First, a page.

Finance Committee Reviews Warrant Articles

Finance Committee Reviews Warrant Articles

Finance Committee Reviews Warrant Articles

The Finance Committee took a careful look at articles related to the school budget and medicaid reimbursement during Thursday’s review of the town meeting warrant. The town warrant currently has two school budget articles listed — one submitted by Town Manager James Kreidler and one submitted by the School Committee.

The article submitted by the Town Manager is written in the customary format that the town has used for years, citing clear numbers for the total net school spending and the indirect costs.  It proposes funding the school at the minimum required by the state.

The one submitted by the school committee currently has no numbers, a change that concerned the Finance Committee. “We need something to work with,” said Finance Committee Chairman Ulysse Maillet. Superintendent Salah Khelfaoui said the School Committee didn’t include figures due to the fact that most current numbers could be submitted on Town Meeting floor. Since the numbers would likely change between now and town meeting, the Department of Education committed to providing up-to-date numbers during the days just before town meeting.

When further pressed to provide a number as a placeholder, Dr. Khelfaoui said he would ask for the maximum possible number, which would include a $324,000 deficit in net school spending reported by the state. “We will be asking for that money,” he said. “We never pressed the issue, and did not want to press it. Earlier, we had no problem coming up with a budget we can fund.”

The school district is currently looking at cutting more than a dozen positions for next year in order to accommodate a budget that includes contractually obligated raises for all employees as well as contractually obligated increases in indirect costs, which include insurance and retirement funds.

School officials were recently informed of another estimated $300,000 in indirect cost raises that Dr. Khelfaoui said represent eight more positions. To date, Mr. Kreidler maintains his position that $324,000 is not an accurate assessment of the deficit. Moving forward, the School Committee is also looking to collect more than $100,000 worth of Medicaid reimbursement from fiscal years 2010, 2011, 2012 and 2013. The funds represent 20 percent of the total reimbursement from that time period which the school district was promised via an old agreement it had with the town.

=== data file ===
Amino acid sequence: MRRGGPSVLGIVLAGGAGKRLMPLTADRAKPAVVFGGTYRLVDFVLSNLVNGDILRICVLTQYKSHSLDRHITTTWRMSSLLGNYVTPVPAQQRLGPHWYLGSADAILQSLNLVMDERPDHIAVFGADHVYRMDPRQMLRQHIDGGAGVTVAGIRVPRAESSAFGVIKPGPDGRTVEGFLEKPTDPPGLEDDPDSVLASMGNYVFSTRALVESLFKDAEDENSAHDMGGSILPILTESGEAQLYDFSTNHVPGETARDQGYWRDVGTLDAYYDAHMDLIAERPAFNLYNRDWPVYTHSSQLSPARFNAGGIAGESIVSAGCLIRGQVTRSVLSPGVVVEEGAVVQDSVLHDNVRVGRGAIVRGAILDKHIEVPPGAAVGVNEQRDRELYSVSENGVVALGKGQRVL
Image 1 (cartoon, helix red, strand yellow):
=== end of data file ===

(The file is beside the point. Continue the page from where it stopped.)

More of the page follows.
The agreement, while never put on paper, has been honored for many years. However, in December the Town Manager learned that an outside contractor had been collecting 8 percent of the total reimbursement annually and unilaterally decided the agreement was voided. Subsequently, the funds from fiscal year 2010 and 2011 were reallocated at the December Special Town Meeting to pay for a transportation deficit .

Several members of the Finance Committee said this seemed unfair to the school and that this should not have happened. “This needs to reconciled, although I’m not sure how,” said Mr. Maillet. Finance Committee member Thomas Kane Jr. expressed concern that the agreement was changed unilaterally by Mr. Kreidler.

Mr. Maillet asked Dr. Khelfaoui and School Committee Chairman Mike Niles where the money would then come from to pay for the reimbursement as the Finance Committee has an unofficial policy that all warrant articles should say where the funds are coming from.

“I don’t think it is fair to ask me to point the direction. I have no clue where to point,” Dr. Khelfaoui said. In an a later interview he added that he does “not pretend to have knowledge” of what happens at the general government level.

Mr. Kreidler said the money would have to come out of the general government budget or the town’s stabilization fund. In an interview, he also expressed concerns, stating that it would be difficult to cut the tight general government budget further.

The budget shows some signs of regrowth in the community, restoring some employees hours and giving all general government employees — save the town manager — their first raise in over three years. He noted that many of these employees had opted to forgo their contractually obligated raises in the past for the benefit of the town.

He said taking the money from the stabilization account could also be harmful to the town, noting that it would likely affect the bond rating and hurt the town’s interest rate when the time comes to borrow money to build the new police station — ultimately affecting taxes.